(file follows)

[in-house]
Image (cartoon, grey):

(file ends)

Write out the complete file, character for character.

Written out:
[in-house]
Image (cartoon, grey):